The straight and accurate facts of this research erase any doubts about the role played by Fidel Castro Government in Angola. It destroys the propaganda myth that thanks to Castro’s African intervention, Namibia, and Angola were liberated, that Castro was the winning force in the conflict, and, moreover, that the apartheid government in South Africa was overthrown.
This is a must-read book to understand the objective truth about this conflict, one of the longest of the Cold War.
Nirn
This is more than a military, political and historical study. Originally, it was the Ph.D. Thesis of the author, but it resulted in a long, thorough, and painstaking research on one of the most obscure events in recent African history. For almost 8 years, its author not only exhausted all the literature and information available on the subject but he traveled extensively through Angola, South Africa, Cuba and the U.S. in search of the protagonists of this drama from all sides of the conflict. He even risked his life in places where political and social instability still existed almost a decade after the war was officially over. The author managed to interview hi-rank political leaders, government officials, military chiefs and soldiers, guerrilla fighters, and civilians to get to the bottom of the truth against all the political and ideological propaganda, the secret agreements, and official statements. The book gathered sensible information of the military, political and social background of the war against the world political landscape. It is full of previously unpublished photos, maps, battle plans and charts that throw light on the facts as any other research.
The straight and accurate facts of this research erase any doubts about the role played by Fidel Castro Government in Angola. It destroys the propaganda myth that thanks to Castro’s African intervention, Namibia, and Angola were liberated, that Castro was the winning force in the conflict, and, moreover, that the apartheid government in South Africa was overthrown.
This is a must-read book to understand the objective truth about this conflict, one of the longest of the Cold War.
Biaemi
For whatever reason, this intervention, virtually the only non-Western military adventure in a non-neighboring state that I know of, gets little attention from the military pundits. Cuba's ideologically driven support for the MPLA was driven by Castro's conviction that a socialist setback anywhere put their revolution at risk. The author provides a detailed description of the military activities of the principal protagonists, Cuba and South Africa, but the question of the "victor" at Cuito Cuinavale cannot be a strictly bullets-and-blood analysis. The bottom line, despite the other reviewer's opinion, is that Cuba was the great winner of this war and apartheid South Africa the crippled, sooon-to-be-extinct loser. Namibia was freed, the MPLA prevailed and the racist government in Pretoria dethroned in short order. Furthermore, Cuba's prestige was enhanced immeasurably as a defender of third world socialist regimes. The sad fact remains that, despite this historic triumph of the Cuban and Angolan people, their primary financial benefactor, the USSR, was already on the ropes themselves, about to precede the white South African state on the ash heap of history. But Cuba, despite the dire prognostications, has survived to defy the tottering imperialist to the north, whose own days appear numbered as a great power, if not as a nation-state. We shall see which ideology has the last laugh.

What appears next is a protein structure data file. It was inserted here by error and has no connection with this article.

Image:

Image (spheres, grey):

Biaemi
For whatever reason, this intervention, virtually the only non-Western military adventure in a non-neighboring state that I know of, gets little attention from the military pundits. Cuba's ideologically driven support for the MPLA was driven by Castro's conviction that a socialist setback anywhere put their revolution at risk. The author provides a detailed description of the military activities of the principal protagonists, Cuba and South Africa, but the question of the "victor" at Cuito Cuinavale cannot be a strictly bullets-and-blood analysis. The bottom line, despite the other reviewer's opinion, is that Cuba was the great winner of this war and apartheid South Africa the crippled, sooon-to-be-extinct loser. Namibia was freed, the MPLA prevailed and the racist government in Pretoria dethroned in short order. Furthermore, Cuba's prestige was enhanced immeasurably as a defender of third world socialist regimes. The sad fact remains that, despite this historic triumph of the Cuban and Angolan people, their primary financial benefactor, the USSR, was already on the ropes themselves, about to precede the white South African state on the ash heap of history. But Cuba, despite the dire prognostications, has survived to defy the tottering imperialist to the north, whose own days appear numbered as a great power, if not as a nation-state. We shall see which ideology has the last laugh.
Global Progression
interesting, well written
Global Progression
interesting, well written